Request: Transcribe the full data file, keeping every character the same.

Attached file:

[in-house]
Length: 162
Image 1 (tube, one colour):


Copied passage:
[in-house]
Length: 162
Image 1 (tube, one colour):